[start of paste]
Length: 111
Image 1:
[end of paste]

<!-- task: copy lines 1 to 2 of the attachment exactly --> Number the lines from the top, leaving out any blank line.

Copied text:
Length: 111
Image 1: